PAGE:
Specialising in assembled machines, primarily for the US military, the Mississippi Road Supply Company (MRS) produced a range of motorscrapers including the monstrous Model 250, the largest motorscraper available in 1959. BY RICHARD CAMPBELL.
MRS, the Mississippi Road Supply Company of Flora, Mississippi, USA, is a name unfamiliar to New Zealand contractors.
MRS was first set up in 1943 to build construction and conveying equipment and has concentrated on contracts for the US military over the years, with supply to the domestic market of secondary importance.
Interestingly, all MRS’s designs have been 2-axle tractor units with a trailing scraper and most featured all-wheel steering.
MRS machines were primarily “assembled” machines – customers could specify how their machine was configured and which powerplant or transmission package was fitted. Common engine suppliers were International Harvester, Cummins and General Motors, and there have also been machines powered with Buda, Mack and Waukesha diesels.
Transmission suppliers included Fuller, Twin-Disc and Allison.
This kitset approach also extended to the axles, drivelines and hydraulic equipment.
In fact the only thing that MRS actually made itself was the chassis and scraper hitches.
Even the scrapers were built for MRS by Wooldridge of Sunnyvale California, initially all cable controlled with – you guessed it – your choice of winch.
It wasn’t until the late 1960s that MRS began building its own scraper bowls (following Wooldridge’s sale to Curtiss-Wright) and by this time they were of all-hydraulic operation.
Your MRS could also be specified with a Hancock elevating scraper should you so choose.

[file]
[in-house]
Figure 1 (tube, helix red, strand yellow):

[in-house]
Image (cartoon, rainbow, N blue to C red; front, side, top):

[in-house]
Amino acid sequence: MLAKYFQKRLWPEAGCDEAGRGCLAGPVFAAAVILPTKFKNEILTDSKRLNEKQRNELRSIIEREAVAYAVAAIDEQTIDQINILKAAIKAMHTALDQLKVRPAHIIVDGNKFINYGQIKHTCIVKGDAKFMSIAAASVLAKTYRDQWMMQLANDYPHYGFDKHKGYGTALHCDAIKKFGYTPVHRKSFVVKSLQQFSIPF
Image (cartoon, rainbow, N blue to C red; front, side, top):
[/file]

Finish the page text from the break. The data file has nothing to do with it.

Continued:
After their use by the US military, many of these machines found their way into the domestic construction scene via US Government disposal sales, especially in the middle 1970s following the Vietnam conflict.
By all accounts these machines were very ruggedly built and were popular among smaller contractors who were on a budget.
A list of some of the models offered for sale to commercial customers include:
I-25: one of the first machines offered and usually powered by an International UD-16 engine. Manual transmission, Wooldridge eight- to 10-cubic-yard cable scraper.
I-80: usually GM powered and equipped with either a Wooldridge 10-cubic-yard cable scraper or Hancock 12E2 elevator.
I-95S: Cummins or GM power, MRS’s own 16-cubic-yard scraper.
I-105: Almost all powered with a GM 6V-71 diesel and attached to a 20-cubic-yard conventional or elevating scraper. This combination weighed 43 tons empty!
I-110: See the New Zealand connection below.
Model 250 – This was a true monster of a machine. When introduced in 1959 it was the largest production motorscraper in the world and featured a whopping 48-cubic-yard Wooldridge cable scraper. This combination tipped the scales at over 60 tons empty.
Subsequent versions had hydraulic bowls and all featured “tractionaid”, an MRS invention which transferred some of the scraper’s weight to the driving axle of the tractor via a single acting hydraulic ram.
The model 250 was dropped from the range around 1970.
The New Zealand Connection
While not strictly a scraper, one example of an MRS tractor was imported into New Zealand.
It was an ex-military machine – a MRS I-110 which had been converted to a self-propelled compactor and came into the country around 1974. Owned by Barry Andrews Earthmovers of Rotorua, it was powered by a GM 12V-71 diesel with an Allison powershift transmission.
It was first used on the Police Training College site at Porirua, Wellington and subsequently on other jobs. When last seen it was languishing in the back lot of a second hand machinery dealer in Rotorua.
Brief Specifications – MRS I-110 (fully equipped)
Engine: General Motors 12V-71 diesel rated at 412fwhp
Transmission: Allison VCLBT4465 powershift, 6-speed
Brakes: All-axle wedge actuated shoes
Std. Tyres: 29-5 x 29 (6)
Scraper: MRS S-110, 24 cubic yard, open bowl, fully hydraulic
Op. Weight: 46 tons